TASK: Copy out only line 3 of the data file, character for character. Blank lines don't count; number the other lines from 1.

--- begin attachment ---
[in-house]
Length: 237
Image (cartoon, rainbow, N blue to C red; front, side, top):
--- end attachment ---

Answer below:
Image (cartoon, rainbow, N blue to C red; front, side, top):